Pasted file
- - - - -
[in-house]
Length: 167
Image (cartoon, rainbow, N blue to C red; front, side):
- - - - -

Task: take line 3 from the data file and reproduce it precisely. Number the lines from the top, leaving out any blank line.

Image (cartoon, rainbow, N blue to C red; front, side):